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Old February 2nd, 2013, 10:23 AM   #130 (permalink)
andrdhillbilly
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Exclamation History as a teacher....

Quote:
Originally Posted by copestag View Post
you are correct..... it doesnt rule out who is/isnt responsible for regulating it........ but more importantly it doesnt rule the US govt in....... once again..... the constitution doesnt give me the right to bear arms....... it restricts the government from infringing on that right....... as for who is ruled out..... I point you once again to who is NOT ruled in

Article 10: The powers not delegated to the United States by the constitution, nor prohibited by it to the States, are reserved to the States respectively, or to the people.

no power of regulating guns was delegated to the United States

and to help you out a little bit...... there arent 2 halves to that sentence...... there are 4 parts (you'll notice the commas)........ and it seems you've completely left out the 2nd part because it specifically defeats your argument

Article 2: A well regulated Militia, being necessary to the security of a free State, the right of the people to keep and bear arms, shall not be infringed.

Please notice the last word of the second part......its an important one... States........ in every portion of the constitution where power was delegated to the entirety of the US govt the words United States appear....... in every portion where powers were specifically deferred to the state governments the word States appears......

here in this section youll notice the constitution specifically says being necessary to the security of a free State....... NOT the United States....... the powers to regulate were not delegated to the US govt because thats exactly the reason the amendment exists.... to prevent the US govt from taking away gun rights...... and the militias were never intended for national defense... they were intended if the need arose to prevent the govt from taking away rights...... the states have the power to regulate militias and arms as they see fit...... but the United States shall not infringe

Feel free to use any other arguments you like, be they philosophical, political, traditional etc...

I basically agree with your response, and would add some points that further strengthen it:
- The few with the courage and integrity to actually study the history of this nation know that the founders understood all too well the risks of a strong central gov't, having come from countries that trampled on the rights of individual citizens and municipalities. This included areas such as religion, commerce, and self-defense, as evidenced by specific prohibition against the federal gov't 'infringing' on rights in those arenas.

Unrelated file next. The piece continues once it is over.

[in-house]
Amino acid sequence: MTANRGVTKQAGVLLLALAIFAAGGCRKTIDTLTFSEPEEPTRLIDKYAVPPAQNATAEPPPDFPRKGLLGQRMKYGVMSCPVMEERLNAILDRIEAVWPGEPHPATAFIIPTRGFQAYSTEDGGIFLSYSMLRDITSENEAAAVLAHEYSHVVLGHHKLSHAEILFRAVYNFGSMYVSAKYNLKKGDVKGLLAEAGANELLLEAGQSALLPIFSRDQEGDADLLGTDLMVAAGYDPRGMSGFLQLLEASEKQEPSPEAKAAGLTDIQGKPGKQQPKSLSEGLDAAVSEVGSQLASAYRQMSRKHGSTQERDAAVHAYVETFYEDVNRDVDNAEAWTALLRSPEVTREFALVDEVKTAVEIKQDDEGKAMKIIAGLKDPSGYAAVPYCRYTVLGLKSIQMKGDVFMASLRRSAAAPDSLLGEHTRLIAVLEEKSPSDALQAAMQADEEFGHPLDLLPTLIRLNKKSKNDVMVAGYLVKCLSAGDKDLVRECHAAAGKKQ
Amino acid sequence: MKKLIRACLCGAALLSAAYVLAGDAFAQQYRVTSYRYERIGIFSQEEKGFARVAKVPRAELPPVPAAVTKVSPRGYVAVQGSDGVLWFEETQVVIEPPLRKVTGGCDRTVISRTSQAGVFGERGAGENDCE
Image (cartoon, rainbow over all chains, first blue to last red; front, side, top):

- Further, knowing the context, it seems obvious that the 2nd amendment intends to clarify/reinforce such prohibitions on the assumption of federal power, recognizing that state and local military capability (organized as 'militias' at that time) was key to defense on two levels: preventing the fed from infringing upon rights intended for the states, AND protecting the entire republic from outside enemies. The latter was key to winning the Revolutionary War, something we would do well to remember.
- A federal law that infringes is unconstitutional today, regardless of how long it has been on the books/in practice. States failing to stand up and fight, or failing to recognize the infringement potential in a new federal statute at the time, does not take away their right to defend what was clearly delegated to them in the Constitution.
- In the past 50 years, Americans have become complacent, with too many looking to the federal gov't only for help. This new society, with its self-centered focus, has lost track of what it costs to give up freedom, and was helped along by a school system that stopped teaching about the hardships our ancestors faced in their countries of origin, which molded the basis for this new republic.
- Now, we vote for representatives based on who will give us what we want for free, rather than reps who will fight to ensure that we ARE free.
- Legislation has become politics, pandering for votes. Otherwise, we would actually ENFORCE (and occasionally tweak) the laws we already have and move on.
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